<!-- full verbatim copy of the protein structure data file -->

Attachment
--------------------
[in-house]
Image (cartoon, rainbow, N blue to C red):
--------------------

[in-house]
Image (cartoon, rainbow, N blue to C red):